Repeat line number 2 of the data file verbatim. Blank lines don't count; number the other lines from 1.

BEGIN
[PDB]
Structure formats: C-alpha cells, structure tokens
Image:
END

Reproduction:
Structure formats: C-alpha cells, structure tokens